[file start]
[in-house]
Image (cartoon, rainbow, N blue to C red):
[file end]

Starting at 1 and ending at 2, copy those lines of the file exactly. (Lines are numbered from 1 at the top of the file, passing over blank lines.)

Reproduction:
[in-house]
Image (cartoon, rainbow, N blue to C red):